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Discussion Starter · #1 ·
I've read a lot about the legacy channels switching this week, and have a question ......

I don't really see a problem with the MPEG2 HD channels. I've got 3 HDTV's (two Panasonic Plasmas and one Samsung LCD), all with H21 receivers and the "legacy" channels .... the ones in the 70's ..... all look very crisp and clear to me. Certainly as crisp and clear as the other national HD's in the 200-300 range.

I'm not exactly sure how they can look/appear much better than they do now, at least on my tv's. Anyone else experience this?

Jeff
 

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Piratefan98 said:
I've read a lot about the legacy channels switching this week, and have a question ......

I don't really see a problem with the MPEG2 HD channels. I've got 3 HDTV's (two Panasonic Plasmas and one Samsung LCD), all with H21 receivers and the "legacy" channels .... the ones in the 70's ..... all look very crisp and clear to me. Certainly as crisp and clear as the other national HD's in the 200-300 range.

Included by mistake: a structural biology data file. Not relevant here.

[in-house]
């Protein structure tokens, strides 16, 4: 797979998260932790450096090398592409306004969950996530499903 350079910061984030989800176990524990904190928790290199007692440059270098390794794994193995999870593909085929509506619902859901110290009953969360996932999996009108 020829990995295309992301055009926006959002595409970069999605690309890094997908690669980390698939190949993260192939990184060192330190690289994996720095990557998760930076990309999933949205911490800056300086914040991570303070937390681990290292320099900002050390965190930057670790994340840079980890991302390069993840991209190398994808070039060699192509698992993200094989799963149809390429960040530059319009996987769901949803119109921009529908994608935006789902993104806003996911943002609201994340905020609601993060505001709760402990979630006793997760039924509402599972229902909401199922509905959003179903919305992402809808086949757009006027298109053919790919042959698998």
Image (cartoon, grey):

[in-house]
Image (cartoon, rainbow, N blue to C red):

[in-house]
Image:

I'm not exactly sure how they can look/appear much better than they do now, at least on my tv's. Anyone else experience this?

Jeff
Some of the national HD's in the 200-300 are just remaps of the channels in the 70's, same signal, just a different channel number. And some of the channels in that range aren't much more than upconverted SD. On my display (60" Sony SXRD LCOS), the true HD MEPG4 channels are clearly superior in picture quality to MPEG2.
 

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Piratefan98 said: